1885: Pedro Prestan, isthmus rebel 1537: Baccio Valori, Michelangelo patron

1800: The slave Abram, property of John Patterson

August 19th, 2019 Headsman

The hanging, and then posthumous beheading and head-spiking, of the Virginia slave Abram lacks any firmer primary date than the signature given this Richmond newspaper report that was later widely reprinted in the young United States. (Our text here hails from the Hartford, Conn. American Mercury, September 18, 1800.)


A HORRID MURDER.

Capt. John Patterson, Inspector at Horsley’s Warehouse in the town of Dinguidsville and county of Buckingham, was lately murdered in a cruel manner by Abram, a negro man slave, the property of the said Patterson.

The circumstances of this atrocious deed is in substance thus related by the wretch who perpetrated it; being his confession at the time he was apprehended — repeated immediately after his trial and condemnation, and on the morning of his execution.

Says he —

In consequence of some punishment inflicted on me by my master for some misdemeanor of which I was guilty, a considerable time prior to the fatal catastrophe, I ever after meditated his destruction: On the evening in which it was effected, my master directed me to set off home (about seven miles distant from the warehouse, where I generally attended) and carry a hoe which we used at the place, I sat [sic] off, and was determined to dispatch him that night, after proceeding some distance I concluded to way-lay him having the hoe in possession, accordingly, I lay on or behind a log, convenient to the road on which my master was to pass, and fell into a slumber; after waiting there a considerable time, I heard the trampling of horses’ feet; I concluded therefore my master was near; I got up and walked forwards; my master soon overtook me, and asked me [it being then dark] who I was; I answeredAbram; he said he thought I had been gone from town long enough to have been further advanced on the road; I said, I thought not, I spoke short to him, and did not care to irritate him; I walked on however; sometimes by the side of his horse, and sometimes before him.

In the course of our travelling an altercation ensued; I raised my hoe two different times to strike him; as the circumstances of thep laces suited my pupose, but was intimidated; when I came to the bridge (across a small stream) I thought that place favorable to my views, but seeing a light, and some people at a house a little distant from thence I resisted the impulse. When I came to the fatal spot, being most obscured by the loftiness of the trees, I turned to the side of the road; my master observed it, and stopped; I then turned suddenly round, lifted my hoe, and struck him across the breast: the stroke broke the handle of the hoe; he fel; I repeated my blows; the handle of the hoe broke a second time; I heard dogs bark, at a house which we passed, at a small distance; I was alarmed, and ran a little way, and stood behind a tree, ’till the barking ceased: in running, I stumbled and fell; I returned to finish the scene; I began, and on my way picked up a stone, which I hurl’d at his head, face, &c. again and again and again, until I thought he was certainly dead — and then I went home.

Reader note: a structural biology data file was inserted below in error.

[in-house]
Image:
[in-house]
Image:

The body was found the next morning: the features so defaced, the body so mangled, that it was with difficulty his person could be recognized — a scene too shocking for human sight. Capt. Patterson was a man universally esteemed. He was a tender husband, an affectionate brother, a mild master, a kind neighbour, a faithful officer, in short, he possessed every quality that constitutes the good citizen, and an amiable member of society.

P.S. After the cruel monster, who sacrificed the life of so worthy a character to his revenge was hanged, his head was struck off and exhibited on a pole about 24 feet high, in view of the warehouse where he was usually employed.

Buckingham, 19th Aug. 1800.

On this day..

Entry Filed under: 18th Century,Capital Punishment,Common Criminals,Crime,Death Penalty,Disfavored Minorities,Execution,Gibbeted,Hanged,Murder,Public Executions,Racial and Ethnic Minorities,Slaves,Uncertain Dates,USA,Virginia

Tags: ,

2 thoughts on “1800: The slave Abram, property of John Patterson”

  1. Lauren says:

    This glorified veneration of the so called “victim” and the incomprehensible, random, out of nowhere account of the incident and killing by his slave seems odd. Now, just how esteemed was this Patterson by his property? Is it possible, for example, he sold off Abrams’s wife, children, family to cover his debts of honour (gambling, etc) and some not so honorable (prostitutes) so that he could maintain and help establish in early America, the fitting lifestyle of a gentleman of wealth, taste, breeding?

  2. Lauren says:

    This glorified veneration of the so called “victim” and the incomprehensible, random, out of nowhere account of the incident and killing by his slave seems odd. Now, just how esteemed was this Patterson by his property? Is it possible, for example, he sold off Abrams’s wife, children, family to cover his debts of honour (gambling, etc) and some not so honorable (prostitutes) so that he could maintain and help establish in early America, the fitting lifestyle of a gentleman of wealth, taste, breeding? Perhaps he fancied a loved one of Abrams?

Leave a Reply to Lauren Cancel reply

Your email address will not be published. Required fields are marked *


Calendar

Archives

Categories

Execution Playing Cards

Exclusively available on this site: our one-of-a-kind custom playing card deck.

Every card features a historical execution from England, France, Germany, or Russia!